This 1970’s frame-stucco house located in one of Santa Fe’s early master-planned communities in the north hills near downtown had few remarkable architectural features and was begging to make its own history. Seeing promise in the small, dark, and compartmental spaces, one being an atrium with a dirt-floor, the homeowner and her son, a designer/architect, sought to create a harmonious, open and light-filled living environment.
To achieve this, the fundamental design needed elemental change proffering its set of challenges. The existing floor plan was reconfigured to strengthen connections between living spaces and the entire interior was demolished with the exception of a few walls and living room beams. Bathrooms, closets, and many walls were relocated, interior doors were reoriented, ceilings were raised, and exterior door entrances and windows and were enlarged. Skylights were enhanced and concrete had to be jackhammered to relocate plumbing and electric/heating systems. The traditional kiva was reconstructed into an angular fireplace off of which natural light can play. Desiring flow between the kitchen and main living space inspired a novel solution in which the kitchen entrance was expanded to allow for custom-milled cabinetry to extend from one room into the other and seamlessly meld the two. The atrium’s dirt floor was sealed and its glass-block wall removed to then be crafted into a library nook. In turn, the den became an office allowing for both rooms to house a large book collection.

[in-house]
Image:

Bringing light into the bathrooms was one of the largest and most costly of challenges. To achieve this, it was apparent that the master bath/closet had to be flipped and new windows were added to exterior walls. The original guest bath was comprised of two separate small rooms, which were combined into one spacious and airy one.
The homeowner is a native of New Mexico and recognizes how the built environment here has evolved over the many years. After re-examining such history, craft has always been integral to the Santa Fe home aesthetic. In keeping with that premise, authentic materials were consciously chosen, such as clay tile, doors hand-built by a local woodworker, natural wood floors, and custom-designed cabinetry. Pulling from the Georgia O’Keefe minimal, western aesthetic, windows and doors frame the outdoor, natural world and a muted color palette allows for a lighter, brighter interior warmed by white oak floors. In keeping with that aesthetic, dark elements were strategically placed to contrast with and ground the lighter hues, such as traditional windows with mullions, a glass-paned, master bedroom door, dining cabinetry, and beams.
This whole house remodel featuring interior design by Victoria at Home took sixteen months to complete and exemplifies an invitingly spare, indelible beauty reflecting modern-day lifestyle in the high mountain desert.
Decor Photos by Daniel Nadelbach @NadelbachPhotography
Pre & Post-Construction Photos Ray Padilla-Hernandez @rph_photographysfe
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